Some pictors.









      Thanks for looking.
    • By Space Invader
      explored with...
      wevsky ,obscuirty ,stealh2k12,fortknoxo,urbanginger and six riff raff
      a little history ...

      This is a large and interesting complex, located at the northern end of a tight triangular junction with the Sheerness-on-Sea branch. First proposed in 1969, the construction of Sheerness Steel Works was given the go-ahead in 1971, building work beginning in that September on land largely occupied by Army playing fields. The building cost was priced at £10,000,000 (£105,921,790 at 2008 prices), and included swallowing up a goods yard recently made redundant by British Rail.
      The works, a private venture under Canadian ownership, commenced operation in November 1972, and was designed to recycle scrap cars into steel coils and rods. The latter were for use in reinforced concrete and the steel mill had the capacity to process 180,000 tons of scrap metal per annum. It was envisaged that the mill’s yearly capacity could be increased to 400,000 tons within four years and, indeed, an additional £5,000,000 was invested in the works in 1975 to meet this target. Steel was produced using the electric arc process, and the mill remained a profitable venture until the second half of 1980. Much of the scrap metal dealt with originated from Mayer Parry Recycling of Erith, this being shipped down the Thames. Scrap metal and finished steel were also carried to and from the works by rail, and for this operation, new wagon batches – tailor-made for this type of traffic – were produced by ''Procor''. The rolling stock was leased by the steel mill at a time when there were few privately-owned wagons running on British Rail; indeed, this was one of a small number of works which was not part of the nationalized British Steel.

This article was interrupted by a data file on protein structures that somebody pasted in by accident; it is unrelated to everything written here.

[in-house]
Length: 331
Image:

For many years the Sheerness Steel Mill was owned and operated by Canadian-based ''Co-Steel'', but with this company's struggling finances, it was sold to ASW Holdings Limited of Cardiff, Wales after a deal was finalized in December 1998. The latter could only keep the operation going until July 2002, the company subsequently going into receivership on 10th of that month - the end seemed nigh for the works. And in January 2003, Sheerness Steel was taken over by Thamesteel...
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      thanks for looking
    • By Wevsky
      Visited with Obscurity Stealth SpaceInvader UrbanGinger and Fortknox0 and on two different visits
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      Somewhere near the close of the 18th Century, a man of eccentric habits, named Francis Forster, built a large house in Margate which he named after the county of his birth - Northumberland House. In or about the year 1798 his gardener, digging behind the house, made the discovery of the Caves. A private entrance was cut. It was during this time that the cave murals were created. In 1914, a new entrance was made from the cellar of the vicarage and this is the entrance used today.
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      Quick map
















      Not a huge place but was nice to revisit after it being not possible for such a while